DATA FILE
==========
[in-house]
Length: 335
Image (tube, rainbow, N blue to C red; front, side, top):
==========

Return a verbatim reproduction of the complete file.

[in-house]
Length: 335
Image (tube, rainbow, N blue to C red; front, side, top):